On the night of May 18, 1904, an American citizen named Ion Perdicaris was abducted from his house in Tangiers, Morocco. His captors were followers of a colorful brigand chieftain named Raisuli, who was using the hostage to pressure the sultan by embarrasing him with the United States government.
The matter between the sultan and Raisuli was soon settled. Perdicaris, on his return, said of his captor that he was "the most interesting and king-hearted, intelligent gentleman it has been my good fortune to have known . . . it was impossible not to like the man."
But President Theodore Roosevelt seized on the incident to blow the flames of patriotism. After the matter was substantially settled, he sent a message to the Republican National Convention in Chicago telling the bored delegates, who were going through the foregone conclusion of nominating him for four more years, that their government wasn't standing for that kind of thing. In a message that has made the footnotes of many a history book, Thunderous Theodore told the world, "We want Perdicaris alive or Raisuli dead."
Seventy-five years later the unjustifiable captivity of our diplomatic people in Tehran evokes many of the same sentiments . . . Our people alive or the ayotallah dead.
These are perfectly understandable sentiments. Anger has to have tweaked every one of us Americans while watching the chanting Iranians on TV. But if those of us parked in front of a television set react emotionally, our top officials should not. The last few days, with the attacks on the Japanese by the State Department, Speaker of the House Tip O'Neill and other important figures underscore an impression that the Iranian situation hasn't been handled intelligently, knowledgeably or calmly.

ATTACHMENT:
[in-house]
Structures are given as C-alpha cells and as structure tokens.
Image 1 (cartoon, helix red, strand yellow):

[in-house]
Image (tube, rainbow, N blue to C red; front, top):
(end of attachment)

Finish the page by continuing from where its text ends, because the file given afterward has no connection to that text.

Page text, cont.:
The available information indicates that the State Department advised the president to admit the shah on humanitarian grounds without making any effort to ascertain the medical facts. Washington Post stories have revealed that the shah was never examined by a government doctor and that the man, a cancer patient, was certified as an emergency case needing immediate admittance by a specialist in tropical medicine sent to Mexico by David Rockefeller.
If the medical emergency was specious, if the shah could have been cared for where he was, then why was he moved? The only plausible explanation is that the Mexican government had decided he was too much of a liability and wanted him out of their country.
If the Iranians knew about the Mexican decision to boot the shah, if they thought once the Mexicans kicked him out he would have no place to go but home, this would explain -- though not excuse -- their explosive anger against us.
Was Jimmy Carter manipulated and deceived? Whatever the answer to that, once the situation existed, did the president act calmly and with calculation? The answer to that is assuredly no.
On day 39 of our people's captivity, the State Department at last moved to throw nearly 183 Iranian diplomats out of the country. That should have been done the first week in a campaign of carefully escalated pressure.
Instead we threw a lot of thoughtless roundhouse punches. Punch number one was deciding not to buy Iranian oil, a decision that only makes sense if the other major international buyers also refrain. As we now know, the Japanese didn't refrain, but evidently they were never asked to; they were told to. It is only in the last few days that Secretary Vance has set out to solicit cooperation from our allies.
Even less comprehensible was the decision to freeze Iranian assets. It has shaken the confidence of all foreign depositors in American banks.
This is not 1904, but even then, bravery was no substitute for brains.